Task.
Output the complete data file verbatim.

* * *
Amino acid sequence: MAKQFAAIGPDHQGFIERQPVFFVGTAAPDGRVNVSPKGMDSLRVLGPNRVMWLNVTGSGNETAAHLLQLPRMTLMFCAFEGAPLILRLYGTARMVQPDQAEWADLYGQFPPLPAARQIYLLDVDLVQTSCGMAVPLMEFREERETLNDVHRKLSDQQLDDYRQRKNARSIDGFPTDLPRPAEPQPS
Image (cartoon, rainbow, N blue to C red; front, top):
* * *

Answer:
Amino acid sequence: MAKQFAAIGPDHQGFIERQPVFFVGTAAPDGRVNVSPKGMDSLRVLGPNRVMWLNVTGSGNETAAHLLQLPRMTLMFCAFEGAPLILRLYGTARMVQPDQAEWADLYGQFPPLPAARQIYLLDVDLVQTSCGMAVPLMEFREERETLNDVHRKLSDQQLDDYRQRKNARSIDGFPTDLPRPAEPQPS
Image (cartoon, rainbow, N blue to C red; front, top):